He headed past her, toward the powder room in the hall. “It’s not like I haven’t.”
 
 
A few minutes later, slumped on the matching green velour living room chairs in a room invaded by the late-afternoon sun, they stared at Winter Leaves, which Milt had set on the coffee table in honour of Jean’s return. A clutch of hydrangea leaves ruined by frost it was meant to be.
 
“That looks nice there,” said Jean. “Thank you.”
 
“Thought you might like it.”
 
She pushed herself out of the soft cushions and leaned forward, squinting. “Is that a crack?”
 
“Just a small one. I glued it.”
 
“There’s another one.”
 
“Only two, though. Don’t keep looking.”
 
With a sigh Jean slumped back in her chair. “It is impossible for anything beautiful to last.”
 
“But you made something beautiful. That’s the point.”
 
Jean stared at Milt. “That is the point, isn’t it?”
 
“Absolutely.”
 
She nodded and let her chin rest on her chest. Never had she been so exhausted, and yet so relieved. The exhaustion and relief seeped through her muscles and bones, a bad and good feeling all at once. This must be the way athletes feel, Jean thought, after they’ve run a thousand miles and won the game. She let the sensation slip through her like one of those drugs that young people take and allowed her mind to drift backward to the funeral at First United Presbyterian. Everyone had been there: Jean’s brothers, handsome so-and-so’s in their dress uniforms; Andrew Jr.’s silent wife, Celeste, and their two grown children, Ross and Marlee, sparing four precious hours away from their busy young lives, thank you so much for your sacrifice; her own good friends, most of them anyway, full of sympathy and support; and a hundred Kotemee folk who’d known Marjorie Horemarsh as the best veterinarian they’d ever brought a sick spaniel to, and not as a mother who’d praised only marks and commendations and money and prizes and never beauty . . . never, ever beauty for its own sake, and not as a patient who moaned in pain seventeen hours a day and smelled like throw-up and needed to be bathed and fed and have her putrid bedsores swabbed and dressed . . .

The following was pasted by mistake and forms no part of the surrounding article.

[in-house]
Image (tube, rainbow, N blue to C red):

“It was nice to see your friends there,” said Milt. “Louise looked good, I thought. Or –”
 
“Louise looked good, did she?”
 
“Well. So did Dorothy. We should have them all over some day.”
 
Jean stared at the ceiling and sighed. “What’s the point, Milt?”
 
“The house has been pretty quiet. You could play bridge, like you used to.”
 
“No, Milt, I’m not talking about that. I’m saying what’s the point of anything?”
 
“Oh.” Milt tossed his head back against the chair cushion as if to say, Wow, that’s a big one.
 
“Exactly,” said Jean. “You know, you think about a lot of things when you’re taking care of your dying mother.”
 
Milt leaned forward in his chair. “Do you want a drink?” He rose and steadied himself. His tie was askew, and the end of it rested against the mound of his belly, a little like a dying leaf against a pumpkin, Jean considered.
 
“I will have some white wine.” She lifted her voice to talk as Milt made his way to the kitchen. “You think about things, Milt,” she said. “You ask yourself questions.”
 
“What sort of questions? No white, I’m afraid. Red?”
 
“Fine. Big questions, like, what’s the point of anything?”
 
“Right.”
 
“You live, and then you die, Milt. And whatever you had is gone and it doesn’t matter any more. Nothing matters for ever and ever.”
 
“Wow,” said Milt on his way back with the glasses.
 
“So what is the point?”
 
He handed her the wine. “You want me to answer that?”
 
“I don’t think you can answer that. I don’t think anyone can.”
 
“I think the point is to live the best life possible, for as long as you’re able.”
 
Jean, still sunk into the cushions and drugged with exhaustion, sipped her wine and picked at the threads of ideas and formulations and fantasies that had occupied her mind for the last couple of months, while she’d fed her mother unsweetened Pablum, while she’d stared at her thick, unweeded garden, while she’d kneeled alone in the en suite bathroom, cleaning the dried spray of urine from the floor where her mother had slipped.
 
“Beauty is the point, I think.”
 
“There you go. You answered it yourself.”